By Anna Merlan
By Lee Escobedo
By Alice Laussade
By Scott Reitz
By Claire Lawton
By Kiernan Maletsky
By Anna Merlan
Writer-director Rian Johnson fashions a universe in which time is a fluid thing—where everything takes place in a familiar today and an otherworldly yesterday, where the audience is at once agreeably comfortable and inexplicably unsettled. When his characters don't look out of place in their derbies and dusters, they sound out of place, like high school Hammetts. Johnson's creations, inhabited thus far by soulful actors giving career-best performances, always appear as if they've materialized between eras, as if they're caught between two worlds—the yellowing then and the Technicolor now.
Johnson's movies—first Brick in 2006, now The Brothers Bloom—are clever and soulful confabulations. The filmmaker, whose screenplays read like novels, serves up movies that could play like would-be parodies: Brick, after all, was his gumshoe-in-tennis-shoes noir starring Joseph Gordon-Levitt as a slang-spouting baby Bogart on the hunt for his lady friend's killer. Could have played like a joke; it was anything but. Now comes The Brothers Bloom, a love story—two, actually—that flirts with the con-man movie clichés with which Johnson ultimately can't be bothered. Which is just as well.
In a confidence film, everyone is exactly who they say they are, even when they insist they're not who you think they are, or something—a-ha! Johnson dispenses with that phony device up-front; he doesn't have an endgame gotcha up his sleeve and isn't interested in making a puzzle to be solved. Stephen (Mark Ruffalo) and Bloom (Adrien Brody) are, from first scene to last shot, precisely who we think they are: lonely little fabulists who tell stories to find the joy that eludes them in "the real world." Cons provide an escape.
Stephen and Bloom (no last names, please) are kids when we first meet them—young lost lads rejected by 38 sets of foster parents. Johnson introduces them through a surrealist's interpretation of a Dickensian tale: They are orphans scamming for Bomb Pops in a dead-end town where the one-legged cat, stuffed in an old leather roller skate, uses a crutch to push himself down Main Street. Stephen's the cynic about to blossom into a full-fledged misanthrope; Bloom's the romantic who will mature into a hangdog lonely heart. Which is why Stephen's schemes all serve the same purpose: to bring joy to Bloom's empty life, to allow him to be as he wasn't so he can be as he wishes to be, as narrator Ricky Jay (shades of Magnolia!) announces.
When they're boys, Stephen spins his profitable fictions to get his brother girls; as adults, he does it to land Bloom the love of his life. And she avails herself in the form of Penelope (Rachel Weisz), the Jersey heiress so wealthy and bored that she collects hobbies—among them ping-pong, rapping, playing the banjo, breakdancing and juggling chainsaws while astride a towering unicycle. Clearly, Penelope's in need of an adventure, no matter how it arrives—by hook or by crook, just someone to free her from the confines of a dreary manse overstuffed with dusty tchotchkes.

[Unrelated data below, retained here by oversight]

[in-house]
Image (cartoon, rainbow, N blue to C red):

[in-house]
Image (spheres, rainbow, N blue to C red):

There is a con somewhere in the movie, definitely—something to do with a rare book ensconced in catacombs in Prague, involving men named the Curator (Robbie Coltrane) and Diamond Dog (Maximilian Schell, as the brothers' Fagin). As comic relief, there's Rinko Kikuchi as Bang Bang, a neon-clad Harpo Marx branding all manner of destructive gadgets from who-knows-where. And there are far-flung locales, where bright sunlight reflects off whitecaps and mountaintops. (The Brothers Bloom is beautiful to look at—old-fashioned escapism, a trip around the world for the cost of a movie ticket.) But it's best not to fuss over the con's sketchy details, which only serve to distract from the real story: Bloom's attempts to find joy in life without the con.
Some will dismiss Johnson's second film as just that—a self-conscious sophomore effort filled with literary references, as the filmmaker works to disentangle himself from constricting plot strands. But Johnson has infused The Brothers Bloom with so much heart and beauty that one can and should easily overlook its discomfiting moments. Truth is, the film's even more profound and touching upon second viewing, once you've dispensed with the genre affectations and gotten in touch with the filmmaker's affection for his characters. Maybe that's the film's best con: It steals your heart.
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